A longtime community publisher feels re-energized as a nonprofit.
Community members persuaded the publisher to go nonprofit so they could help.
Residents stepped up to save a struggling for-profit newspaper company.
This guide was written for the Institute for Nonprofit News by Kate Butler, a business writer and news manager, and Fraser Nelson, former vice president of business innovation at The Salt Lake Tribune. Today, Kate serves as the head of editorial product and engagement at Adweek and Fraser is the co-founder and managing director of the National Trust for Local News.
Lauren Gustus, executive editor at The Salt Lake Tribune, was a contributing advisor for the guide.
Our appreciation to the people who shared their expertise and experiences with us for this guide.
Ralph Alldredge, publisher, the Calaveras Enterprise and Sierra Lodestar, San Andreas, California
Kim Y. Arnone, Principal, Cutting Edge Capital, Cutting Edge Counsel, Oakland, California
Rollie Atkinson, publisher, SomonaWest Publishers, Healdsburg, California, which owns The Healdsburg Tribune, The Windsor Times, Sonoma West Times & News and Cloverdale Reveille
William D. Fournier, member, Caplin & Drysdale, Washington D.C.
Cameron Holland, principal, Holland Nonprofit Law, Oakland, California
Jim Iovino, Ogden Newspapers visiting assistant professor of media innovation at West Virginia University and director of the NewStart program
Boisfeuillet Jones Jr., director and president, Piedmont Journalism Foundation
Kizzen Laki, publisher and owner, The Crestone Eagle, Crestone, Colorado
Jenna Price Mallette, chief operating officer, San Antonio Report
Robert Rivard, editor, San Antonio Report
Katherine Ann Rowlands, owner, Bay City News Service; founder, Bay City News Foundation
Nieman Lab: Meet The Salt Lake Tribune, 501(c)(3): The IRS has granted nonprofit status to a daily newspaper for the first time
Lenfest Institute: Inside The Salt Lake Tribune’s plans to become a nonprofit
Local News Initiative: Salt Lake Tribune’s Editor Expects ‘a Lot of Newspapers’ to Explore Nonprofit Status
Columbia Journalism Review: The pleasure and pain of going nonprofit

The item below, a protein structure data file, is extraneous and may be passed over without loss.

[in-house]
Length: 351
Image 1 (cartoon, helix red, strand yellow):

The IRS offers guidance and resources for organizations seeking nonprofit status. It also warns that it receives about 70,000 applications a year, so it can take three to six months or more to hear after you’ve submitted your application. (The coronavirus and related shutdowns and remote working slowed approval time as well.) Filling out the forms correctly helps speed the process – another reason to get experienced help. But one publisher was astounded when the local IRS office reached out to her, encouraging her and asking if she needed any help.
Given the IRS processing time, an option is to work with a fiscal sponsor while you are waiting. A fiscal sponsor is another nonprofit that manages your nonprofit activities, usually for a fee. It allows you to fundraise, receive tax-deductible donations (via the conduit of your fiscal sponsor) and get going as a nonprofit while working through the legal and tax process.
The INN acts as a fiscal sponsor, but you have other choices. You could decide to work with a nonprofit in your community or niche area. You can find them via the National Network of Fiscal Sponsors.
You will need bylaws to establish the operating rules for your organization, its governance, and your board structure. Resources below describe how to develop them and link to sample nonprofit bylaws.
You may need to update policies and procedures to conform with nonprofit state and federal requirements. The IRS will want to see your conflict of interest policy, and recommends a whistleblower and document retention policy. You’ll also want policies on board member roles, gift acceptance and disclosure, and the independence of editorial from fundraising and advertising.
We welcome additions and suggestions to keep our guides up to date for news entrepreneurs. Please send us your suggested resources, sample policies, case studies or article suggestions.Back to top